For now, a big shout out to the owners Nick van Rijswijk and his dad, for deciding to sponsor Refugee Roads. We will make good use of their amazing equipment. If you are also looking for excellent service and a fair price/quality ratio, make sure to pay them a visit!

So long,

Florian & Timo

Updating the Countdown

Hey Friends!

Even though we are currently in the middle of our final exam week, we want to take the time to inform you about something, which we were hoping to avoid. Timo and I will need more time to finish our most important essay this semester. Due to us picking up the bikes from Merida on Friday (yup, we’re excited to finally receive them as well!) and moving to our new appartement, we can only start working on it later than initially expected.

We’re thus planning now with starting our journey from the Peace Palace on June 6 at the absolute latest. So here is our new countdown:

[11 days until departure]

Stay tuned, your

Florian & Timo


Bikes Are Here!

[12 days until departure]

Exciting news: This morning we received the final OK from our sponsors in regards to the Refugee Roads bikes!

MERIDA Germany is equipping us with two 29er Hardtail MTB’s in the Big Nine Team Issue. Over the course of the past five weeks we worked together with their very helpful staff, namely Thorsten Lewandoski and Mario Meßmer, to organize the logistics. We are overwhelmed with the support and trust that MERIDA is placing in us and are happy that they are enabling us to undertake this journey.

Next week we will drive to Mönchengladbach to pick the bikes up at Georg’s Fahrradladen. The guys there will receive the delivery and assemble them for us. Thanks to you in advance already!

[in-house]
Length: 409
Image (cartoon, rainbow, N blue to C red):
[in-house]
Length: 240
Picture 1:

This will be our trusted home for the next two months!
This will be our trusted home for the next two months!

Gadget Shopping

[17 days until departure]

Wow, what a day. 10 hours of watching online reviews, reading technical specifications and comparing prices lie behind us. But we succeeded! We finally have ordered all necessary equipment for our trip. Our empty bank accounts are the proof of that 😉


Teasi One³

For our biking GPS, we decided to go with the Teasi One³, as pictured above. It is rather affordable if you consider how value-packed it is. Mounted on our bicycles it will guide us along the Balkan Route as we are able to download all country maps in Europe for free.



GoPro 4 SilverWe have also settled now on the Videocameras which we’ll use to record the Refugee Roads. We have looked into DSLR’s, Camcorders, and various alternative Actioncams. But in the end, it is hard to beat the GoPro series. We approached several distributors, including GoPro themselves, for possible sponsorship. However, without success. So we went ahead and ordered one GoPro 4 Silver and one used GoPro 4 Black. The Black will be used for slow-motion shots and interviews, whereas the Silver will primarily be used to capture the action along the way.

In addition,we purchased a lot of small but necessary supplementary helpers, which range from a solar charger, a power bank, and multiple mini-SD Cards to an external monitor for the iOgrapher and a variety of mounts for the GoPros.

We are obviously not only spending money but we are working on many other fronts, which we will talk about in due time #bike sponsoring 😉  There are so many puzzle pieces which are needed for our trip and we’ve added a couple more to the picture today. With less than three weeks to go, Refugee Roads is starting to take shape. We’ll keep you updated!


Have a great and sunny weekend,


Florian & Timo